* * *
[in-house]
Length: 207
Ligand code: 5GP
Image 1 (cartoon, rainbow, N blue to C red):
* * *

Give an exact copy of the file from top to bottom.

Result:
[in-house]
Length: 207
Ligand code: 5GP
Image 1 (cartoon, rainbow, N blue to C red):